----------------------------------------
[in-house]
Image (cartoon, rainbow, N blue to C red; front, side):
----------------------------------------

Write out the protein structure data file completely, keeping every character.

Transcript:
[in-house]
Image (cartoon, rainbow, N blue to C red; front, side):